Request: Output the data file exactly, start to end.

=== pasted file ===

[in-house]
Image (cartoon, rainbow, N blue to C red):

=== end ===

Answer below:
[in-house]
Image (cartoon, rainbow, N blue to C red):